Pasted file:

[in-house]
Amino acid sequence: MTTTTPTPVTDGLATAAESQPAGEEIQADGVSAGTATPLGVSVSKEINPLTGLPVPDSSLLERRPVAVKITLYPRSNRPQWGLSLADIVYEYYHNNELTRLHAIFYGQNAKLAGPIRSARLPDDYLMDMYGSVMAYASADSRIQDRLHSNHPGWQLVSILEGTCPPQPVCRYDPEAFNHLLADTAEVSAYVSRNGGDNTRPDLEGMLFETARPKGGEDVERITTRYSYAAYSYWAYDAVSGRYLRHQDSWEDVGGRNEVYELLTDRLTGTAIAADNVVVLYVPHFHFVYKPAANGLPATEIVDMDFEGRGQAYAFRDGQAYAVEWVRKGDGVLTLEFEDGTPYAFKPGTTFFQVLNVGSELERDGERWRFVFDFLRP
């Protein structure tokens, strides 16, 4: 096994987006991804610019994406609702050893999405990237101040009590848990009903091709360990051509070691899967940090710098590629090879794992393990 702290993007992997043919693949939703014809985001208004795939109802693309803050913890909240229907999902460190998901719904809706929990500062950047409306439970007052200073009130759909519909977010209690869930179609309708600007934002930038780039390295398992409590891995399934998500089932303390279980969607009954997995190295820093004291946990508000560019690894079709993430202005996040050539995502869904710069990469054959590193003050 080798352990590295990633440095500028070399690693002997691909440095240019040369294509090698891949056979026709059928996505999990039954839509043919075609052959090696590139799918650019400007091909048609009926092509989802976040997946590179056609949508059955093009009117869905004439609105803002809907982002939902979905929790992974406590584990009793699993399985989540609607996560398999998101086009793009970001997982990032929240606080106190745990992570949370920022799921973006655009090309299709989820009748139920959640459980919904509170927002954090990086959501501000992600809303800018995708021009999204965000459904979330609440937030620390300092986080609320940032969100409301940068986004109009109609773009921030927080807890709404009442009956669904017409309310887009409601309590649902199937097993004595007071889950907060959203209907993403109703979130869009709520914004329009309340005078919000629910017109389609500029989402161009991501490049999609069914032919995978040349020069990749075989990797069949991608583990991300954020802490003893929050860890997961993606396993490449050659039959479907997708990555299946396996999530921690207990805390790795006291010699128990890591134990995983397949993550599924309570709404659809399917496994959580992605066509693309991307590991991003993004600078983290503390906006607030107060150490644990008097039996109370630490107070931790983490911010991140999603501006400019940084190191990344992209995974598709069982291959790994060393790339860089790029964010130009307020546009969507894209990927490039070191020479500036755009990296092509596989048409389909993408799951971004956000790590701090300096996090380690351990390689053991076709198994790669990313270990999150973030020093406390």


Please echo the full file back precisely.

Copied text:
[in-house]
Amino acid sequence: MTTTTPTPVTDGLATAAESQPAGEEIQADGVSAGTATPLGVSVSKEINPLTGLPVPDSSLLERRPVAVKITLYPRSNRPQWGLSLADIVYEYYHNNELTRLHAIFYGQNAKLAGPIRSARLPDDYLMDMYGSVMAYASADSRIQDRLHSNHPGWQLVSILEGTCPPQPVCRYDPEAFNHLLADTAEVSAYVSRNGGDNTRPDLEGMLFETARPKGGEDVERITTRYSYAAYSYWAYDAVSGRYLRHQDSWEDVGGRNEVYELLTDRLTGTAIAADNVVVLYVPHFHFVYKPAANGLPATEIVDMDFEGRGQAYAFRDGQAYAVEWVRKGDGVLTLEFEDGTPYAFKPGTTFFQVLNVGSELERDGERWRFVFDFLRP
């Protein structure tokens, strides 16, 4: 096994987006991804610019994406609702050893999405990237101040009590848990009903091709360990051509070691899967940090710098590629090879794992393990 702290993007992997043919693949939703014809985001208004795939109802693309803050913890909240229907999902460190998901719904809706929990500062950047409306439970007052200073009130759909519909977010209690869930179609309708600007934002930038780039390295398992409590891995399934998500089932303390279980969607009954997995190295820093004291946990508000560019690894079709993430202005996040050539995502869904710069990469054959590193003050 080798352990590295990633440095500028070399690693002997691909440095240019040369294509090698891949056979026709059928996505999990039954839509043919075609052959090696590139799918650019400007091909048609009926092509989802976040997946590179056609949508059955093009009117869905004439609105803002809907982002939902979905929790992974406590584990009793699993399985989540609607996560398999998101086009793009970001997982990032929240606080106190745990992570949370920022799921973006655009090309299709989820009748139920959640459980919904509170927002954090990086959501501000992600809303800018995708021009999204965000459904979330609440937030620390300092986080609320940032969100409301940068986004109009109609773009921030927080807890709404009442009956669904017409309310887009409601309590649902199937097993004595007071889950907060959203209907993403109703979130869009709520914004329009309340005078919000629910017109389609500029989402161009991501490049999609069914032919995978040349020069990749075989990797069949991608583990991300954020802490003893929050860890997961993606396993490449050659039959479907997708990555299946396996999530921690207990805390790795006291010699128990890591134990995983397949993550599924309570709404659809399917496994959580992605066509693309991307590991991003993004600078983290503390906006607030107060150490644990008097039996109370630490107070931790983490911010991140999603501006400019940084190191990344992209995974598709069982291959790994060393790339860089790029964010130009307020546009969507894209990927490039070191020479500036755009990296092509596989048409389909993408799951971004956000790590701090300096996090380690351990390689053991076709198994790669990313270990999150973030020093406390």